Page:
In our highly digitalized world, it is easy to forget that electricity is not only responsible for the glowing displays of our numerous gadgets, but also makes healthy, clean living spaces or even access to education possible in the first place in many parts of the world. Many developing countries are stuck in a vicious circle of poverty with their low electrification rates. Without lighting in the home, there is a lack of opportunities for value-added off-farm work. Children can no longer do their homework or learn to read in the evening. In addition, there are health problems often caused by smoking fireplaces in the house or sooty kerosene lamps.
Access to clean energy is generally seen as a stepping stone to generating a higher income and thus escaping poverty. This is why it has been identified as one of the 17 UN Sustainable Development Goals. Following on from this goal, Cristina Dominguez, a doctoral student at ETH Zurich’s Institute of Building Physics and Empa’s Urban Energy Systems Lab, is developing a computer model that will provide project developers in rural areas with estimates of household electricity requirements. This should enable accurate and thus sustainable planning of the power grid.
One model for many regions
This is because electrification projects in developing countries often fail because hardly any reliable data is available to determine the needs of the often widely scattered households. Data collection in particular is a major cost item that makes project developers hesitant to invest there. If a power grid is then planned too large, for example, this is passed on to the electricity prices, making electricity unaffordable for the poor population. Ultimately, electricity grids need to be tailored to benefit people in the long term, on the one hand, and to offer developers an attractive and realistic investment opportunity, on the other.
For the data collection, Dominguez chose an area in sub-Saharan Africa, the region with the lowest electrification rate in the world: “In addition to the political problems, the areas here are extremely sparsely populated and the small settlements are very widely scattered. This makes electrification much more difficult — and of course more expensive,” says Dominguez. As part of her doctoral thesis, she determined the energy use and demand of around 250 households in eastern Kenya. In order to eventually make their model applicable worldwide, they are supporting research institutes in Guatemala and Pakistan to provide her with equivalent data sets from these countries.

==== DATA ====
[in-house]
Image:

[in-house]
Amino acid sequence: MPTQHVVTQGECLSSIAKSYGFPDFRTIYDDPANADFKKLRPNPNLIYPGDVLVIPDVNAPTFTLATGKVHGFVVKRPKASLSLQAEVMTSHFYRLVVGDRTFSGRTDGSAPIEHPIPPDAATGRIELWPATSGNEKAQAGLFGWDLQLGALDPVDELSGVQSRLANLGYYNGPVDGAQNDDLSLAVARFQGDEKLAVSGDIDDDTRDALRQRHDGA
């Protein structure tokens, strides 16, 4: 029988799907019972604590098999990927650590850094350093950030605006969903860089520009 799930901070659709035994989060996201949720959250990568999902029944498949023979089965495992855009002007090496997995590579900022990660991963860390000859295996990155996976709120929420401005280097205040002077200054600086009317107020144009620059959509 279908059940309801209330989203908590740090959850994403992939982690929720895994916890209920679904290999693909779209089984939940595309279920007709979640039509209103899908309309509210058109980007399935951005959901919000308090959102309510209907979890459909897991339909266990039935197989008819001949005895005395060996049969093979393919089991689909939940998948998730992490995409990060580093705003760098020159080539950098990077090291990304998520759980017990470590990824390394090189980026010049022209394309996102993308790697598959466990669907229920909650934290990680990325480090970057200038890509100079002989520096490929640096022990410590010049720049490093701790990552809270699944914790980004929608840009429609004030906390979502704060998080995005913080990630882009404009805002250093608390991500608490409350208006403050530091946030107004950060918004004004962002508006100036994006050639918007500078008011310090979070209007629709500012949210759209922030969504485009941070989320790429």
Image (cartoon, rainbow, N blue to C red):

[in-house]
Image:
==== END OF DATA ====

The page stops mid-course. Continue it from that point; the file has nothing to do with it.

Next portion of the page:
Thinking along developmental thrust
Dominguez’s fieldwork in Kenya collected data from households without access to electricity and those that had been connected to an electricity grid within the last six years. It was not only concerned with recording existing energy sources and their demand, but also the change in use following the completion of electrification. In addition, the Empa researcher used diaries in which the residents recorded the activities they carried out throughout the day in order to gain a better understanding of people’s daily lives and needs, and to anticipate changes that would set in after electrification and would then be reflected in the demand for electricity. In Kenya, for example, kerosene is an important source of energy to light the dark mud huts. In order to get the kerosene, often longer marches must be covered to the dealer. Time that could perhaps be invested in value-adding work at home in the future — if a power source were available.
And once the power supply is available, people begin to adjust their behaviour accordingly; they acquire electrical appliances such as televisions, and power consumption increases accordingly. But how long can the power grid continue to function if demand continues to rise? These are exactly the dynamics Dominguez wants to bring into her model: “In our on-site surveys, we asked people what appliances they would buy after the first year or second year with electricity. We then matched this with households that had already gone through this process.” Through this, Dominguez wanted to find out how people would use energy when it was available to them. Dominguez knows from her research that engineers are often unable to assess this correctly: “There are major prejudices here, which often result in power supply systems being designed too large.”
Tailor-made power grids
To make accurate predictions and identify consumption dynamics, Dominguez applies “machine learning” algorithms and “data mining” techniques. To build the models, the researcher combines global datasets from organizations such as the World Bank with data from project development companies so that she can include additional consumption patterns such as seasonal variations. These are then validated for the three focal regions using field data from Kenya, Pakistan and Guatemala. Mini-grid companies have also provided their electricity consumption data in return for the opportunity to test their model against local conditions.
Cristina Dominguez’s approach highlights the problems faced by developing countries with hardly any infrastructure: Although technical possibilities for electrification are available and have also become cheaper with solar technology, investments must be made carefully in a weak economic environment. Otherwise, there is a risk of over-indebtedness on the part of the electricity users and, in the worst case, on the part of the operating companies — all in all, a risk of exacerbating poverty and a disincentive for others to invest in these areas. In Dominguez’s computer model lies the potential to overcome at least one hurdle to electrification and thus provide the impetus for a path out of poverty.